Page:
concern and compassion, I told him I could cope, but the knowledge that
he knew and cared for what I was going through, and that he was there
for me if I ever needed him, worked wonders for my confidence.

went back a much taller man fully armed to face whatever came my way.
By letting us know that he was always aware of the trials we underwent
and that he was by our side through it all, he gave us the courage we
never knew we had.

Dhirubhaism No 3: The silent
benefactor. This was another of his remarkable traits. When he helped
someone, he never ever breathed a word about it to anyone else. There
have been none among us who haven't known his kindness, yet he never
went around broadcasting it.

He never used charity as a
platform to gain publicity. Sometimes, he would even go to the extent
of not letting the recipient know who the donor was. Such was the
extent of his generosity. "Expect the unexpected" just might have been
coined for him.

Dhirubhaism No 4: Dream big
but dream with your eyes open. His phenomenal achievement showed India
that limitations were only in the mind. And that nothing was truly
unattainable for those who dreamed big. 

Whenever I tried to
point out to him that a task seemed too big to be accomplished, he
would reply: " No is no answer!" Not only did he dream big, he taught
all of us to do so too. His one-line brief to me when we began Mudra
was: "Make Vimal's advertising the benchmark for fashion advertising in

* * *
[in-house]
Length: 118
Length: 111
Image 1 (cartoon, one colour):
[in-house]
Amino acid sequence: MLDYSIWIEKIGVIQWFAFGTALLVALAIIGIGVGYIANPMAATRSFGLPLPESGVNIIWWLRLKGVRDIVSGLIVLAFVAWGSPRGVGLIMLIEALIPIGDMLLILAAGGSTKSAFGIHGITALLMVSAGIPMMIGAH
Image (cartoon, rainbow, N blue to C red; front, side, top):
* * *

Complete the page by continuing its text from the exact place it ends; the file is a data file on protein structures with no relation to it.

the country."

At that time, we were just a tiny, fledgling
agency, tucked away in Ahmedabad, struggling to put a team in place.
When we presented the seemingly insurmountable to him, his favourite
response was always: "It's difficult but not impossible!" And he was
right. We did go on to achieve the impossible.

Both in its
size and scope Vimal's fashion shows were unprecedented in the country.
Grand showroom openings, stunning experiments in print and poster work
all combined to give the brand a truly benchmark image. But way back in
1980, no one would have believed it could have ever been possible.
Except Dhirubhai.

But though he dreamed big, he was able to
clearly distinguish between perception and reality and his favourite
phrase "dream with your eyes open" underlined this.

He never
let preset norms govern his vision, yet he worked night and day
familiarizing himself with every little nitty-gritty that constituted
his dreams constantly sifting the wheat from the chaff. This is how, as
he put it, even though he dreamed, none of his dreams turned into
nightmares. And this is what gave him the courage to move from one
orbit to the next despite tremendous odds.

Dhirubhai was indeed
a man of many parts, as is evident. I am sure there are many people who
display some of the traits mentioned above, in their working styles as
well, but Dhirubhai was one of those rare people who demonstrated all
of them, all the time.

And that's what made him such a
phenomenal team builder and achiever. Yes, we all need  "Dhirubhaisms"
in our lives to remind us that if it was possible for one person to be
all this and more, we too can. And like him, go on to achieve the
impossible too.